Ultimately, however, Wasserman and Aas, in order to dismiss my description of the apparatus of disability, invoke the “reliability of the commonsense judgments and linguistic intuitions appealed to by rival analytic definitions” of the concept of disability (Wasserman and Aas 2022). Yet as Robin Dembroff—one of a growing number of analytic feminist philosophers who themselves critique the oppressive and hostile character of the methodology and culture of analytic philosophy—has asked: “Whose commonsense constitutes philosophically legitimate commonsense? Whose pretheoretical concepts and terms constrain philosophical inquiry? And whose intuitions are philosophical intuitions?” (Dembroff 2020, 403; see also Rodier and Brennan, forthcoming).

That Wasserman and Aas did not equitably consider alternative—i.e., non-analytic—philosophical approaches to disability in their SEP entry evinces a dismissive demeanor that contributes to asymmetrical relations of power in philosophy and places undue limits on philosophical work with respect to disability. As Tina Fernandes Botts (2018) writes,

in general, the culture of analytic philosophy is hostile to women, persons of color, persons with disabilities, persons with non-binary gender identities, persons from underprivileged upbringings and backgrounds, those working on philosophical questions outside of a very narrow list of what are considered acceptable or philosophically reputable areas of specialization, and continental philosophy in general. This well-known hostility has created an environment in which those other than straight, white, able-bodied, cis-gender, economically secure males who work in a few narrow areas of philosophy are marginalized and excluded from the conversations, institutions, professional conferences, and power structures that constitute the philosophical mainstream. Since it is philosophers from these marginalized and excluded populations who usually work on philosophical questions dealing with race, gender, disability, and sexuality, … these sorts of philosophical questions are also, in the main, excluded from the philosophical mainstream (and simultaneously from mainstream respect). (57-58)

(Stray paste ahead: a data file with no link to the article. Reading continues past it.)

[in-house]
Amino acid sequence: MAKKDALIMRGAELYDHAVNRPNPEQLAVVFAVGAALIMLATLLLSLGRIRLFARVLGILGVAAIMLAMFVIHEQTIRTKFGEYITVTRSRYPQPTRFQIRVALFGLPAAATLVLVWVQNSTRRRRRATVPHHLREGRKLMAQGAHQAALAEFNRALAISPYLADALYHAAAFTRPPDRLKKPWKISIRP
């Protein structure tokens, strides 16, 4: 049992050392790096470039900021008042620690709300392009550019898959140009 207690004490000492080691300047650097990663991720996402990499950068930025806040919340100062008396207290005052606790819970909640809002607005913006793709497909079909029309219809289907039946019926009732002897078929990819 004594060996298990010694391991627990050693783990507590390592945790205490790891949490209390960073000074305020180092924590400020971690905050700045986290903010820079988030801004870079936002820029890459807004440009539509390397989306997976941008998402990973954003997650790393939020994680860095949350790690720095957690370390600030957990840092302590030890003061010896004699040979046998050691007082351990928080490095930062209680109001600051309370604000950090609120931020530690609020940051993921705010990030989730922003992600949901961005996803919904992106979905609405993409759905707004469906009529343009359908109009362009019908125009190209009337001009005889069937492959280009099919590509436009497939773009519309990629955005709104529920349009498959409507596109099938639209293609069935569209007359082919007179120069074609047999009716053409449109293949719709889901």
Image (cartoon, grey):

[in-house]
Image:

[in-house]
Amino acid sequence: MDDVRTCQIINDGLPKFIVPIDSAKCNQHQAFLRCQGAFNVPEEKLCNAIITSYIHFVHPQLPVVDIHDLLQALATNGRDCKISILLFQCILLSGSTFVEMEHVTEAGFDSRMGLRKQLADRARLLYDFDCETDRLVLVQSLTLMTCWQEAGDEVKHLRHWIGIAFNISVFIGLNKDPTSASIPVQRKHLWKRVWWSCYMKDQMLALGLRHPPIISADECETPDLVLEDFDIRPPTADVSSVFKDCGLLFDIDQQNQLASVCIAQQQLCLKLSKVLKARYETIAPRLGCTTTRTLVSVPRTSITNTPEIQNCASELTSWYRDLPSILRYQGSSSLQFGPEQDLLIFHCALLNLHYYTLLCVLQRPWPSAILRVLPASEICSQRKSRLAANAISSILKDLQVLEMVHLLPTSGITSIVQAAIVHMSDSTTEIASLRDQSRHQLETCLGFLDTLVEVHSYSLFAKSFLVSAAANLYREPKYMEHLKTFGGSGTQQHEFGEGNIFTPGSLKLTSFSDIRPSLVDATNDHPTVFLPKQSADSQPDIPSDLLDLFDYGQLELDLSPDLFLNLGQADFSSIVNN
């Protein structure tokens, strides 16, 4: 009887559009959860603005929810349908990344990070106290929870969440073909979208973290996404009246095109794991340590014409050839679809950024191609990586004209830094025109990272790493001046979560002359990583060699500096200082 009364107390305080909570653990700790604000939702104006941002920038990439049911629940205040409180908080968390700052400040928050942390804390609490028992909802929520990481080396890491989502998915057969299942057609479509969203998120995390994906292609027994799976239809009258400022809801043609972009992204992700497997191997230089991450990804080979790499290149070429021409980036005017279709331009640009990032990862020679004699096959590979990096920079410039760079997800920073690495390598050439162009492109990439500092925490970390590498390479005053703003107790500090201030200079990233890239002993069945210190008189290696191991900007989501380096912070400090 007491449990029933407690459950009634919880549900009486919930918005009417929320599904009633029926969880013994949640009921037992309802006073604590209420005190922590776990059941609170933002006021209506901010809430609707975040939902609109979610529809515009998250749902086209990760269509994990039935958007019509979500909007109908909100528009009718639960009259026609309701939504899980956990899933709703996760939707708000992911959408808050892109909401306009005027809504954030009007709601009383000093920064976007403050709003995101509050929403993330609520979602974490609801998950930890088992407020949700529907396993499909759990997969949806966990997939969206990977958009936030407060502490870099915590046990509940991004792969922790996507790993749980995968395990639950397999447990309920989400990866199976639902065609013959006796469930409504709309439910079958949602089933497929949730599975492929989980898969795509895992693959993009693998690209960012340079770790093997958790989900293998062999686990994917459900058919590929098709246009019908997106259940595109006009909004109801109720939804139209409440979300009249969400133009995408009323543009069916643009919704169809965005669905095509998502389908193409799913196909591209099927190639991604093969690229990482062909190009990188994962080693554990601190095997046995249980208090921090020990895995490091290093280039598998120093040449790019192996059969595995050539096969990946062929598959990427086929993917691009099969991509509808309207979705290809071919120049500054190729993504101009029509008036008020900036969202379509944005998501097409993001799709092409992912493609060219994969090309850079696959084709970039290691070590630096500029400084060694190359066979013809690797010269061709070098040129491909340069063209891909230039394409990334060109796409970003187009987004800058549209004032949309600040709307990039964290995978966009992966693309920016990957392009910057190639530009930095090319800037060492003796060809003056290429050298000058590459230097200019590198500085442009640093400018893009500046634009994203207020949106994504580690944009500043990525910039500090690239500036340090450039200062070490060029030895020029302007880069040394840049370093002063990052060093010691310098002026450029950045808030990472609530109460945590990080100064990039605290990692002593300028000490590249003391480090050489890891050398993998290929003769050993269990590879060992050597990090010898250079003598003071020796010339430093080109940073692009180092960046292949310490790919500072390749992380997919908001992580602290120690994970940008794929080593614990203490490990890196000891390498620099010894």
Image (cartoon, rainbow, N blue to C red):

Botts (2018) maintains that the disregard for historical and social context, which typifies the analytic approach to philosophy, renders the approach inadequate for critical philosophical inquiry about subjecting social categories such as race, gender, and disability. As Botts explains it, “Methodological tools for doing philosophy that take into account the historical context of the phenomenon under consideration (such as are often used in the continental tradition) are arguably better suited for examining questions of race and gender than acontextual or ahistorical methodological tools (such as are often used …in the analytic tradition)” (51).